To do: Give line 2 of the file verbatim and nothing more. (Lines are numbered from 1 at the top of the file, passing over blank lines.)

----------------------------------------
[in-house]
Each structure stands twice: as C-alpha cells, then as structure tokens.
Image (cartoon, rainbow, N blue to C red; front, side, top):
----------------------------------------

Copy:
Each structure stands twice: as C-alpha cells, then as structure tokens.